X-33 Engine



posted on Aug, 26 2004 @ 11:47 PM
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I stood on the thing during assembly and was told the tanks had passed testing. Hmmmmm.....more intrigue. I know there was concern because the LOX tank was to be in the forward section and there would be about a 16" gap between the outer skin and the tank. Tank temp could only reach 300F. Skin temps would be in the 1400F range??? Memory fade- something like that. Anyway, if it ever took off....we would know about it. The takeoff by-product is a rain cloud.....it would be massive and seen for hundreds of miles. Maybe possible to do a night takeoff...........it did have a portable launch pad. I personally liked the hyper-x (X-43)....now that was a cool airframe!!!!!!!!!!!!



posted on Aug, 27 2004 @ 11:55 AM
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I Agree, can't wait to see if it reaches mach 10 this fall. But I think its sad that they cancelled the add-on program, the X-43C, which would of been bigger and possibly become a AF Bomber.



posted on Sep, 12 2004 @ 10:53 AM
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If i remember correctly.....mermory fading......the x-43 was scrapped after it crashed during a drop test. I also recall that the engine for the X-43 was tested and I think it passed. Will research this.....have some info on this topic. The engine (X-43) was mounted between the rear vertical stabilizers on an SR-71. When the SR-71 got to altitude, they fired the engine to see what would "happen" I believe the engine was a scale down version though. The engine was tested, but I can't recall the details. As for the X-43.......hyper-X...I think it went black......but then again it was a NASA project.......who knows...

[edit on 12-9-2004 by age_ranger]



posted on Sep, 12 2004 @ 08:41 PM
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Ok, found my info on the X-33........Testing on the linear aerospike engines was done in Mississippi and scheduled for late 2000. 14 single engine test firings were completed earlier that year in 2000. The high speed heat tests for the thermal shield were completed by february 1999. I can remember the assembly of the airframe and actually standing next to the bulkhead in late 1999 i think......somewhere around that time frame... The tanks were not yet installed into it. But drop testing of the mock up had been completed by the time I had left in Dec. 2000. I have'nt heard of anything else since I left......I know the airborne laser program was starting up full swing....



posted on Sep, 12 2004 @ 09:31 PM
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I got some questions for age_ranger.
,
First off all, In 2001 the X-43 was launched by a Nasa B-52, they used a pegesus rocket to get it going to mach 5'ish, but the rocket stabalizer failed and so they had to blow it up. But they have since lauched one in 2004 and it worked bringing the craft up to mach 7 for 11 seconds of flight. They built 3. The last one will be launched this fall, it should hit mach 10. They cancelled the X-43B and its add-on the X-43C.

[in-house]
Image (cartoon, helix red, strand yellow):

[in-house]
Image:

That was one of Nasa's stupidiss mistakes, But Nasa isn't very short sighted, some missions take over a decade of planing then years more to reach there destination and years more off its mission. So thats why I think they cancelled from pressure from our government and the Air Force.

On another note, When your talking about the SR-71, I think your refering to the D-21 drone, as far as I know the SR-71 had no connections with the X-43. Do you have any info on this?

As for the AirBorne Laser program, that thing is beginning to worry me, it keeps falling farther and farther behind schedule. I'm hoping it also doesn't go black.

[edit on 12-9-2004 by Murcielago]



posted on Sep, 13 2004 @ 12:09 PM
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I had'nt heard of the the further testing on the X-43, only that they had crashed a mock up and had engine problems...I left Edwards in Dec of 2000. No, not the SR-71 drone....NASA actually mounted an engine between the vertical stabs on an SR-71 and tested it.....i'll try to find info on it....looked through the papers I had and can't find the articles. NASA had 2 SR-71's out at Edwards which they flew. Edwards had 2 (From Beale AFB) but they were de-commisioned. My son actually got to sit in the pilots seat before they ran a full double afterburner run ... Talk about awesome!!!!.... then they shut them down for storage. Not cost effective recon i guess...and with Global Hawk hitting over 140,000 ft........who needs 'em now?


E_T

posted on Sep, 13 2004 @ 03:23 PM
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Originally posted by Murcielago
That was one of Nasa's stupidiss mistakes, But Nasa isn't very short sighted, some missions take over a decade of planing then years more to reach there destination and years more off its mission. So thats why I think they cancelled from pressure from our government and the Air Force.
Might be easier for them if politicians wouldn't have control of things that should belong to scientists.